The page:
Award-winning packages combine craft with creativity

Kate Bertrand Connolly 1, Freelance Writer

June 28, 2018

6 Min Read
Award-winning packages combine craft with creativity
Pretium Packaging won the Best of Show Award for its SureHandle PET container in the 2018 AmeriStar Package Awards competition.

The top three winners in the 2018 Institute of Packaging Professionals (IoPP) AmeriStar Package Awards competition use package-design ingenuity, engineering skill and materials savvy to address consumer needs, product protection and environmental issues.

Pretium Packaging won the Best of Show Award for its SureHandle PET container; Amway took home the Design Excellence Award for its Artistry Signature Select Personalized Serum system packaging; and The Coca-Cola Co. won the Sustainable Packaging Award for its 89-oz Simply beverage bottle.

Sixteen packaging-industry judges evaluated the 70 entrees in this year’s competition based on package innovation, economics, product protection, package performance, marketing and environmental impact. Visit the IoPP website to see all the 2018 winners.

Best of Show: Pretium Packaging’s SureHandle PET Container (see photo above)

Winning the Best of Show Award, for its large-format SureHandle container with integrated handle, was Pretium Packaging. The one-piece container is 100% PET and comes in 64-oz and 2-liter sizes.

Because the handle is part of the container, the package is easier for younger, older and physically challenged consumers to carry and pour from than pinch-grip and straight-wall alternatives.

“The integrated ergonomic handle/bottle technology is really the driving force behind the design of the SureHandle container line,” says Paul Kayser, president/CEO of Pretium Packaging.

The SureHandle container may be used for products with a fill temperature of up to 120-deg F, as well as for foods and beverages pasteurized via high-pressure processing (HPP). Potential applications include cold-pressed juices, sports drinks, dressings, marinades, honey and edible oils. The container can also be used for household and industrial chemicals, such as detergents.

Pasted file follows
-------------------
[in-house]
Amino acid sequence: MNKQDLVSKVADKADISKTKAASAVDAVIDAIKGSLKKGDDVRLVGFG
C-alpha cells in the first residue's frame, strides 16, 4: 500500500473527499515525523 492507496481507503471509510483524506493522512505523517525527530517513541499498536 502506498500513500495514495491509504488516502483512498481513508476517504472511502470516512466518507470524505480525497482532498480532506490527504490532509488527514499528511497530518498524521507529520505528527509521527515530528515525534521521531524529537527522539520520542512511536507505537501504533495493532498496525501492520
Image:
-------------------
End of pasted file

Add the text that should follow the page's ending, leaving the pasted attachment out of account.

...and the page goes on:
Designed for mechanical strength, the containers can withstand stacking in multiple layers. Thus, they can be packed and shipped in shrink-wrapped trays rather than corrugated cases. By reducing secondary packaging materials, this format offers both an environmental benefit and financial savings.

And because the containers are made from a single polymer, they are easier to recycle than handled containers made from multiple plastics. “The handleware solution provides brand owners shelf differentiation and sustainable packaging attributes with its mono-material composition that seamlessly enters the recycling stream,” Kayser says. “The PET-only structure facilitates mainstream recycling.”

Unlike conventional injection-molded preforms, the SureHandle preform comes out of the mold with a solid handle integrated to its side wall. “We created proprietary enhancements to standard blow cavities to accommodate the preform,” Kayser explains. “We also addressed unique challenges, such as preform/handle positioning and blow-mold cavity design.”

Pretium licenses intellectual property from Practically Impossible Labs to manufacture the preforms and containers.

Next: Amway’s Design Excellence Award, with Coca-Cola’s Sustainability Award on deck


Design Excellence: Amway’s Artistry Signature Select Personalized Serum package

Packaging for Amway’s Artistry Signature Select Personalized Serum system won the Design Excellence Award, which recognizes outstanding structural and graphic design integration. The packaging enables consumers to create customized skin-care products by mixing a base serum with concentrated amplifiers that address issues such as hydration and wrinkles. Consumers choose up to three of the five amplifiers to mix with the base serum.

The amplifiers and base serum are packaged separately. Consumers mix them at the initial time of use by twisting the amplifier cap onto the base serum bottle and then gently twisting the cap off the bottle. The second twist, which drives the contents of the nitrogen-pressurized amplifier cap from Vessl Inc. into the base serum, creates an audible effect and dramatic visual display (as seen in the photos). To use the mixed product, the consumer screws a supplied pump closure onto the base serum bottle.